TempDB gets destroyed and re-created with each restart of the SQL Server Service so there is no need to have that happen on shared storage.  When we fail over from one node to another we don’t need the data in TempDB to still be sitting there.  So you can stop yelling at your SAN admin to “Give me more power!”  He doesn’t like you calling him Scotty anyway.

Scotty Power

What’s so great about putting TempDB on local storage?  One acronym..SSDs.  Now we can put TempDB on local storage that is fast like SSDs or even a RAID 10 that very well may be faster than your corporate SAN.  Of course this might not even be a concern for you if your application is not a heavy user of TempDB, but if you have something that’s a big hitter for TempDB this can yield some significant gains in IO.

Let me also say that this is not a get out jail free card or a cure if you are experiencing contention in TempDB.  We’re good DBAs and we’ll make sure everything is tuned and configured properly before we go throw hardware at problems, right?  That means we need to discover if we are even experiencing TempDB contention and if we are there are some other configurations we need to look at first.  For instance, multiple TempDB data files that are equally sized.  That’s a whole other post or 2, but Robert Davis (Twitter|Blog) has done a much better job in his white paper than I ever could.  Here’s a link:

http://www.sqlsoldier.com/wp/sqlserver/demystifytempdbperformancemanagement

I ran across an issue that I haven’t seen since SQL 2000 and had almost forgotten about.  Let’s do a quick review of ports in SQL Server.  A default instance of SQL Server uses port 1433.  That’s just the default and you can change it to whatever you want.  Bear in mind that if you change it you’ll have to define that port in your connection strings or enable the SQL Browser Service.

Speaking of the SQL Browser Service, you’ll need that for a named instance of SQL Server for the exact same reason.  A named instance of SQL Server uses a dynamic port that can change with every restart of the SQL Server service.  Take a look at the following screen shot of a named instance.

Ports in Configuration Manager

We are interested in the very last section which is the “IPAll” section.  You can see that the “TCP Dynamic Ports” is set for 49402.  That is what SQL Server has dynamically chosen for its port number.  For a normal named instance we’ll see a port there, but the “TCP Port” setting would be blank.  A default instance would be the other way around with a “TCP Port” defined but the “TCP Dynamic ports” being blank.

So what happens when you have a named instance using dynamic ports and you define a static port?  Well the title of post already gave it away, but whatever you put into the “TCP Port” setting will override anything dynamic.  I personally think it would make more sense to only be able to define one of the settings at a time.  Maybe MS will change that one day where one of them is grayed out until the value is removed from the other setting.

I’ve had several instances over the last few months where I had to reinstall the SQL Server Performance Counters.  It sounds odd to have them magically disappear, but I’ve found a 3rd party monitoring product to be the culprit.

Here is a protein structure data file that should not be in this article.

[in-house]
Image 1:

First we need to unload the counters just to make sure everything is removed and we are starting from a clean slate.  It’s better to be safe than sorry.  Open a command prompt as an Administrator and choose one of the following:

Default Instance

unlodctr MSSQLSERVER

Named Instance

unlodctr MSSQL$MyInstanceName

Now we need to re-load the counters.  They are stored in an INI file.  The file is located in the binn directory of the installation folder.  You can get the name of the file from the following registry key:

Default Instance

HKLM\SYSTEM\Currentcontrolset\Services\MSSQLServer\Performance\PerfIniFile

Named Instance

HKLM\SYSTEM\Currentcontrolset\Services\MSSQL$MyInstanceName\Performance\PerfIniFile

Now that we have the file name we just need to run the load counter command from an elevated command prompt.  Here is what the command would look like for a default instance of SQL Server 2012.

lodctr “C:\Program Files\Microsoft SQL Server\MSSQL11.MSSQLSERVER\MSSQL\BINN\perf-MSSQLSERVERsqlctr.ini”

Hopefully this helps if it ever happens to you.

A fellow community member sent me an email saying he was having trouble authenticating with Kerberos.  Here is the error he was receiving:

SSPI handshake failed with error code 0x8009030c, state 14 while establishing a connection with integrated security; the connection has been closed. Reason: AcceptSecurityContext failed. The Windows error code indicates the cause of failure.  [CLIENT: <named pipe>].

You’ll notice that he was using Named Pipes and a lot of folks might think that is the reason for the error and that SQL Server doesn’t support Kerberos over Named Pipes.  However, that’s not the case as it is version dependent.  Kerberos over Named Pipes started being supported in SQL Server 2008 and this person was running SQL Server 2008 R2.  In this instance, that was not the issue.

I walked him through some troubleshooting scenarios to narrow down the cause.  I had him verify his SPNs to make sure they were correct, were located on the correct object in Active Directory, and he had SPNs for both the FQDN and NetBIOS names.  That all checked out so I had him verify that port 88 (Kerberos) was open between the client and server.  That also checked out fine.  I asked him this one last thing:

Also, make sure you are using Windows authentication since Kerberos does not work with SQL authentication.  If you are using Windows authentication then make sure the client and server are in the same domain or a trusted domain.

That last sentence was the ticket.  He replied that his client and server were in different domains that were NOT trusted.  Unfortunately for him, there is nothing he can do short of moving the servers into the same domain or setting up a trust between them.  That’s a core concept for how Kerberos works.  Clients and servers MUST be in the same domain or a trusted domain.